Life of a Station Hand Sixty Five Years Ago


Walter Frederick Riddiford was born at the Mount Browne goldfields, Western New South Wales, in 1895.  After several years of employment on sheep stations, he entered the Broken Hill mining industry.  He was elected as President of the Workers’  Industrial Union of Australia in 1933,  –  Broken Hill Branch  –  and became an alderman of the Broken Hill Municipal Council in 1934.  He was elected Mayor of Broken Hill in 1948 and occupied the position until his retirement in 1963 – having served 28 years as an alderman, during which time he was Mayor for 14 years.  Mr. Riddiford was awarded the O.B.E. in 1957 for his services to the community.

To the best of my ability I will describe the life of a station hand sixty five years ago.  I was that station hand and I arrived in the bush about the latter end of 1910, and was successful in obtaining a position on Nundora Station which was part of Wonnaminta at that time.

I was born at Mount Browne on 28 March 1895, which puts me at a little over 80 years of age.  The only children that my sisters and I were able to play with were aboriginals  the real aboriginals.  The genuine aboriginal was a very noble type of person until he  became involved with Europeans; he then deteriorated, and lost his native arts, and his Identity.  However, my task is to describe the life of a station hand. 

I was sent  to school in Adelaide for a few years, but my older brothers attended school three three days a week at Mount Browne, and two days at Milparinka, which meant they used to ride six and eight miles a day.  They would ride from Millring Station (or selection) to Mount Browne for three days, and the teacher would then move to Milparinka and teach for two days.  My brothers would ride to school, hobble their horses on the common and, after school find their horses and ride back to the station; this was the way they received what little education they could.

After a few years schooling in Adelaide, my education was abruptly terminated for economic reasons.  When I returned to the West Darling District, I began working on a sheep station.    A large station consisted of a number of buildings  –  the principle one is the “government house”, the main station building.  There was a form of caste system on the station at that time  –  firstly, there was the upper class, then there was one a little lower, finally descending to the level of the station hands.  The people who lived at the government house were the overseers, the bookkeepers and the jackaroos.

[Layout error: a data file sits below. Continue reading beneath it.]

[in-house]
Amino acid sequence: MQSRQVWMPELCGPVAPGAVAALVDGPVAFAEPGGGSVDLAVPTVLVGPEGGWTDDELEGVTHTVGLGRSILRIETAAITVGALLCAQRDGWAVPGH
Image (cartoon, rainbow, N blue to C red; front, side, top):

They had their sleeping quarters, their dining rooms and their lounges (they did not called them lounges in those days, they were known as parlours ).  In the general homestead of the station (the station house) were accommodated the married man and his wife, the governess, and the young ladies who perhaps worked at the general manager’s house.  The general manager did not live at the government house as he had a special place of his own.  His home was rather superior  –  and in fact there are some of those fine old buildings still standing in the district today.

Finally, we come to the men’s quarters.  These consisted of several buildings.  Some huts would contain about ten beds, or bunks but no mattresses or pillows were supplied.  We used a couple of sheepskins for mattresses, covered with calico to help remove the smell.  We would roll up our clothes to form a pillow.  The men’s quarters accommodated employees whose duties were separate from the government house staff.  There was the station cook (generally a male), the head stockman, the blacksmith, the saddler      (Saddlers were employed part – time, and they generally  migrated from one station to another on contract), bullock drivers (all stations had one bullock driver for wood – carting  and other transport work ), and a horse breaker. The number of stockmen and station hands varied according to the size of the station.  Places like Yancannia in its heyday would have about 12 or 14 men in the mustering camp all the time.

In addition to the various buildings there were sundry sheds, a saddler’s shop, blacksmith’s shop, harness room where all the saddles were placed in rows, and a stockyard  – located perhaps half a mile from government house.